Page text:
LGBT Activists in Africa

 

image of Kasha Nabagasera courtesy of theoutmost.com.

image of Kasha Nabagasera courtesy of theoutmost.com.

Uganda recently passed its Anti-Homosexual Act and for many local activists, this step backward could result in an overwhelming feeling of defeat, but not for Kasha Nabagesera. Nabagesera is the founder of Freedom and Roam Uganda, an LGBT rights organization and she is currently in the process of suing Evangelicals, in the U.S., for their role in financing the Anti-Homosexuality bill.

For Africans who identify as a member of a faith-based organization, such as Christianity, the idea of being spiritual and homosexual may be considered impossible. One man working to change this attitude is Malidoma Patrice Some’, a West African writer and gay ally. Some’ speaks openly and positively about the role of homosexuality in indigenous cultures and believes homosexuals to be the gatekeepers to the spiritual world and that not recognizing their role is a detriment to society.

While slow movements forward can lead to burnout for many activists, Mbote, Kasonkomona, Nabagesera and Some’ are motivation for us to continue fighting whatever social injustice we seek to end.

by Victoria Brown

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2 Comments

  1. Reblogged this on The Life and Times of Ms. Lanai and commented:
    ***Guest Post***

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  2. Jonathan

     /  November 11, 2014

    It’s nice to hear a story about LGBT rights in Africa with a hopeful tone. It’s so rare that we come across an article about the LGBT movement in Africa that doesn’t involve legislation against the community, violence against LGBT individuals, or worse. I have great admiration for people like David Kuria Mbote and Kasha Jacqueline Nabagesera for standing up for human rights in the face of such great adversity. I certainly hope that they inspire others and are able to positively affect change in their countries. I can’t help but be a bit scared for their safety though. The stories of beatings and murder are hard to ignore. However, change won’t happen without courageous people like them. I then have to move past that and ask myself how those of in the U.S. can help?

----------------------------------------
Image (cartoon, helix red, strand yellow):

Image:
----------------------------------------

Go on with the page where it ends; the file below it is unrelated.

While I cannot directly affect the situation on the ground for LGBT individuals in Africa, we can all affect how our government approaches its policy in Africa and what private organizations who work in Africa we support with our own money. One of the most important issues of our time to our government officials is national security. As Victoria points out, criminalizing homosexuality has the effect of making it much harder to slow and prevent the transmission of HIV. The Director of the Central Intelligence’s February 11, 2003’s briefing states: “The national security dimension of the virus [HIV] is plain: it can undermine economic growth, exacerbate social tensions, diminish military preparedness, create huge social welfare costs, and further weaken already beleaguered states. And the virus respects no border.” (https://www.cia.gov/news-information/speeches-testimony/2003/dci_speech_02112003.html) We can pressure our elected leaders, who seem to value national security above all at many times, to exert pressure on African countries to treat the LGBT community with dignity and respect. Even if national security issues are the only ones leaders can identify with, it will still help real people on the ground be safe and work without fear to their lives. As individuals, we can also be sure that when we are donating to aid organizations, to be sure to make sure that in addition to providing food, medicine, etc., that they do not support anti-LGBT laws and discrimination, as a number of evangelical organizations do. The road to LGBT equality is a tough one, but I hope the African LGBT community can make rapid progress soon, as the community has elsewhere in the world.

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